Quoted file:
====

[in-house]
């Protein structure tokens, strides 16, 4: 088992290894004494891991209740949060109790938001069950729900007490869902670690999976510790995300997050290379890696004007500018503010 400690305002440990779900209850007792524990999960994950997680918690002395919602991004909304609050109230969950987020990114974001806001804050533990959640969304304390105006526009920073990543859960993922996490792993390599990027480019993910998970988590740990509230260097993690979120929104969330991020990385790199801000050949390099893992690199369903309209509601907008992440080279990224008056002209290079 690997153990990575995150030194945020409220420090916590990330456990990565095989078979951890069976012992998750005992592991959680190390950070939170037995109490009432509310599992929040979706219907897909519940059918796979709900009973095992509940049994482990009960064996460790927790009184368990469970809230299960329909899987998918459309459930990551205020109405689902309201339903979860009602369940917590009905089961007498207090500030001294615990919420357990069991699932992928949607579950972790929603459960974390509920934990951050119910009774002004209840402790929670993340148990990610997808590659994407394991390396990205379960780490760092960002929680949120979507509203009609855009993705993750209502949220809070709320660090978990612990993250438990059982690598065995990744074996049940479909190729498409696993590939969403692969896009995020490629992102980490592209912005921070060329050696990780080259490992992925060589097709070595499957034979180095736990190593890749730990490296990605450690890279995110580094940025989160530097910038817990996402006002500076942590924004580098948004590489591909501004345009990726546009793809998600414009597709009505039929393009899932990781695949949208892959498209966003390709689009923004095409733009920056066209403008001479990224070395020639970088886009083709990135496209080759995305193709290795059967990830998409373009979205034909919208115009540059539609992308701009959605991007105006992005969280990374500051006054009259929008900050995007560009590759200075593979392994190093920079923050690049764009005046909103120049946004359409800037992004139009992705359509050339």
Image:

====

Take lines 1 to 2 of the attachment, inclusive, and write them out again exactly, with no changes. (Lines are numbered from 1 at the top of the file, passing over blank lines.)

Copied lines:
[in-house]
């Protein structure tokens, strides 16, 4: 088992290894004494891991209740949060109790938001069950729900007490869902670690999976510790995300997050290379890696004007500018503010 400690305002440990779900209850007792524990999960994950997680918690002395919602991004909304609050109230969950987020990114974001806001804050533990959640969304304390105006526009920073990543859960993922996490792993390599990027480019993910998970988590740990509230260097993690979120929104969330991020990385790199801000050949390099893992690199369903309209509601907008992440080279990224008056002209290079 690997153990990575995150030194945020409220420090916590990330456990990565095989078979951890069976012992998750005992592991959680190390950070939170037995109490009432509310599992929040979706219907897909519940059918796979709900009973095992509940049994482990009960064996460790927790009184368990469970809230299960329909899987998918459309459930990551205020109405689902309201339903979860009602369940917590009905089961007498207090500030001294615990919420357990069991699932992928949607579950972790929603459960974390509920934990951050119910009774002004209840402790929670993340148990990610997808590659994407394991390396990205379960780490760092960002929680949120979507509203009609855009993705993750209502949220809070709320660090978990612990993250438990059982690598065995990744074996049940479909190729498409696993590939969403692969896009995020490629992102980490592209912005921070060329050696990780080259490992992925060589097709070595499957034979180095736990190593890749730990490296990605450690890279995110580094940025989160530097910038817990996402006002500076942590924004580098948004590489591909501004345009990726546009793809998600414009597709009505039929393009899932990781695949949208892959498209966003390709689009923004095409733009920056066209403008001479990224070395020639970088886009083709990135496209080759995305193709290795059967990830998409373009979205034909919208115009540059539609992308701009959605991007105006992005969280990374500051006054009259929008900050995007560009590759200075593979392994190093920079923050690049764009005046909103120049946004359409800037992004139009992705359509050339």